“The World According to Garp” (1982) dir. George Roy Hill

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One of the first “adult” movies I ever watched was “The World According to Garp” during the summer of 1982. Based on the best-selling novel by John Irving, “Garp” was the tale of T.S. Garp, a writer coming to terms with his own talent as a writer in the shadow of a more famous parent and as a man trying to reconcile his own manhood during a tumultuous time of gender politics (his mother being a very famous feminist writer).

This was an important film in my artistic makeup. Like Lina Wertmuller’s “Seven Beauties,” it’s one of those rare films that mix comedy and tragedy in a completely non-cheesy or schmaltzy mix. Even at 12 years of age, the ending left me completely shattered … as it still does today.

This was the first “dramatic” performance Robin Williams was credited with and in my mind, he was completely underrated. There is one part of the film where he degenerates into the Robin Williams-schtick people know and don’t love anymore, but overall, he deserved an Oscar nod for “Garp,” playing the straight man in a world of lunatics, freaks, and “true believers.” John Lithgow and Glenn Close (in their breakout performances) got their Oscar nods and they were richly deserved.

For a major studio film, this is pretty ballsy material and deserved more attention and acclaim than it received at the time. Over 32 years later, the film … and the performances … hold up very damn well. An underrated American classic.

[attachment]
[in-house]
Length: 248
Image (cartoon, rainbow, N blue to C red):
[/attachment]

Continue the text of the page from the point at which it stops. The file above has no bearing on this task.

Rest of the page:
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Robin Williams interview with Marc Maron (WTF Episode 106)

http://www.prx.org/p/63067

Another brilliant interview from Marc Maron from his stellar “WTF” podcast.  This time, Maron interviews legendary comedian and Oscar-winnning actor Robin Williams (the interview took place sometime in 2011) and it’s the best interview I’ve ever experienced with Williams.  It’s been popular to bash Williams the last several years for the overuse of the manic schtick which made him famous.  Which, if truth be told, has not been entirely unfair.

But seriously, forget all those things you think you hate Robin Williams for.  In this interview, you get none of the manic schtick that’s been de rigeur for Williams for over 30 years.  And Williams still absolutely f–king kills!  Maron and Williams sound like two smart old friends shooting the s–t about all kinds of topics: addiction, the art of comedy, fellow comedians, etc.  Like most of Maron’s interviews, the interview flows like two jazz musicians riffing off each other.  It’s like eavesdropping on a conversation between two incredibly cool people where you can’t even imagine interrupting, because doing so would interrupt the conversational magic taking place.  An amazing hour.